Yarger is a book reviewer for Publishers Weekly and freelances for other sites. She is a member of the National Book Critics Circle.

She also is a member of the Episcopal Actors' Guild, the NY Public Library for the Performing Arts and The O'Neill Theatre Center..

A former newspaper editor and graduate of the University of Missouri’s School of Journalism, Yarger also worked in arts management for the Bushnell Center for the Performing Arts, the Hartford Symphony Orchestra and served for nine years as the Executive Director of Masterwork Productions, Inc. She lives with her husband in West Granby, CT. They have two adult children.


All material is copyright 2008- 2018 by Lauren Yarger. Reviews and articles may not be reprinted without permission. Contact


Key to Content Notes:

God's name taken in vain -- means God or Jesus is used in dialogue without speaking directly to or about them.

Language -- means some curse words are used. "Minor" usually means the words are not too strong or that it only occurs once or twice throughout the show.

Strong Language -- means some of the more heavy duty curse words are used.

Nudity -- means a man or woman's backside, a man's lower front or a woman's front are revealed.

Scantily clad -- means actors' private areas are technically covered, but I can see a lot of them.

Sexual Language -- means the dialogue contains sexually explicit language but there's no action.

Sexual Activity -- means a man and woman are performing sexual acts.

Adultery -- Means a married man or woman is involved sexually with someone besides their spouse. If this is depicted with sexual acts on stage, the list would include "sexual activity" as well.

Sex Outside of Marriage -- means a man and woman are involved sexually without being married. If this is depicted sexually on stage, the list would include "sexual activity" as well.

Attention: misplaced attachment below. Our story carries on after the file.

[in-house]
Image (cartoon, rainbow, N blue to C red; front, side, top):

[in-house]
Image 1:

Homosexuality -- means this is in the show, but not physically depicted.

Homosexual activity -- means two persons of the same sex are embracing/kissing. If they do more than that, the list would include "sexual activity" as well.

Cross Dresser -- Means someone is dressing as the opposite sex. If they do more than that on stage the listing would include the corresponding "sexual activity" and/or "homosexual activity" as well.

Cross Gender -- A man is playing a female part or a woman is playing a man's part.

Suggestive Dancing -- means dancing contains sexually suggestive moves.

Derogatory (category added Fall 2012) Language or circumstances where women are referred to or treated in a negative and demeaning manner.

Other content matters such as torture, suicide or rape will be noted, with details revealed only as necessary in the review itself.

The term "throughout" added to any of the above means it happens many times throughout the show.

Reviewing Policy

I receive free seats to Broadway and Off-Broadway shows made available to all voting members of the Outer Critics Circle and The Drama Desk, the two professional critics organizations with journalists covering NY theater. Journalistically, I provide an unbiased review and am under no obligation to make positive statements. Sometimes shows do not make tickets available to reviewers. If these are shows my readers want to know about (I review all Broadway shows and pertinent Off-Broadway shows), I will purchase a ticket. If a personal friend is involved in a production, I'll let you know, but it won't influence a review. If I feel there is a conflict, I won't review their portion of the production.